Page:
- A Whopper of an honor: Local company named top Burger King franchisee (11/15/17)3
- Federal jury finds surgeon Fonn guilty of kickback scheme (11/10/17)4
- Jackson elementary students try to help others with 'kindness boxes' (11/6/17)1
- Southern Illinois farmer's grapevines destroyed by dicamba; four years of work lost (10/29/17)2
- Aldi store reopens after renovations (11/14/17)3
- Chantelle Becking strives to make a difference through her family and community (11/10/17)
- Residents view pedestrian bridge as eyesore; city manager says it's designed to rust (11/13/17)8
- Cape County boy writes letter, hears from President Donald Trump (11/10/17)
- Medical marijuana may go to voters for decision (11/8/17)4
- Fourth-grade teacher Andrea Cox teaches students how to code, adapt to new technology (11/10/17)
Rescued POW disturbed by exaggerated reports of ordeal
NEW YORK -- Pfc. Jessica Lynch said Tuesday she is disturbed that the military seemed to overdramatize her rescue by U.S. troops and spread false stories that she went down shooting in an Iraqi ambush.
"That wasn't me. I wasn't about to take credit for something I didn't do," she told The Associated Press. "I'm not that person."
The 20-year-old former Army supply clerk -- twig-thin and weary, one crutch close at hand -- described her ordeal in a Veterans Day interview seven months after the rescue made her a national hero.
Reports circulated by the U.S. military early in the war said Lynch waged a fierce gunbattle with Iraqi fighters who ambushed her 507th Maintenance Company on March 23 at Nasiriyah. She has since said her rifle jammed, and she did not get off a shot.
And video shot by the Americans who rescued her nine days later at an Iraqi hospital suggested they encountered resistance in a daring raid. Lynch's new book says hospital staff did not resist, and even offered U.S. troops a key.
"It disturbed me," Lynch said. "I knew that it wasn't the truth."
Still, the ex-prisoner of war from rural West Virginia took pains to say that she does not care why the military may have exaggerated her story, and that she considers the soldiers who rescued her April 1 to be heroes.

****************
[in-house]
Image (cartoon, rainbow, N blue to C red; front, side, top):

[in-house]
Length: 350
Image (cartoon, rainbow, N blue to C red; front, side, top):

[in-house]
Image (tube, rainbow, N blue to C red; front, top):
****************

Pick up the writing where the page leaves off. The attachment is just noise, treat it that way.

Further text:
"No matter what it was, the point is that they got in there, they rescued me, and they took me home safe," she said.
Lynch, who has fair skin and fine blond hair that falls to her shoulders, physically recoils when she recounts her time in the hospital, a time when her hope dwindled each day that she would see home again -- or even survive.
But she said that as she lay in a bed at Saddam Hussein General Hospital, her body wracked, she decided: "I wasn't going to let myself die there."
Lynch spoke with the AP as her biography, "I Am a Soldier, Too," hit bookstores nationwide. It was written by Rick Bragg, who resigned from The New York Times after a free-lancer helped him with a story without receiving credit. Bragg was present during the AP interview with Lynch.
Lynch walks with the help of a single crutch or is shuttled around in a wheelchair. She undergoes two hours of physical therapy a day. "It's getting better every day," she said. "It's a long process, but it's going OK."
Lynch said she tries to avoid news coverage of the fighting in Iraq because her memories are too painful. She said the almost-daily reports of U.S. troop deaths deeply sadden her.
"It's horrible," she said. "It seems like it's getting worse every day. It's just something that, you know, doesn't seem to get any better." She said all the slain Americans are heroes to her.
She would not discuss claims Tuesday by Hustler magazine publisher Larry Flynt that he bought nude photos of Lynch last month and intended to run them, but changed his mind because she is a "good kid."
Flynt said he got the photos from male soldiers who posed with Lynch.
Lynch attorney Stephen Goodwin said: "It's incredulous that anyone would think it appropriate in any way to attempt to publish unauthorized photos of Jessica -- photos taken before she was deployed to Iraq and before her capture and rescue."
Lynch and Bragg are splitting a $1 million advance from publisher Alfred A. Knopf, which ordered a first run of 500,000 copies. Publicity surrounding the release has included an unauthorized NBC movie and a prime-time ABC interview.
Bragg said he sometimes felt guilty during long interviews with Lynch at her home in Palestine, W.Va., and by telephone.
"Sometimes, I'd stop asking questions because it was painful to hear," he said. "There are parts of the book that I won't read again because I look at the chapter and I think about Jessi having to talk about it, and it's very hard."
Lynch plans to marry Army Sgt. Ruben Contreras in June. Lynch, who is on disability, said she is still deciding her future.
"I want to get walking first," she said. "But I want a family. I want kids. I guess that's kind of everyone's dream."
On the Net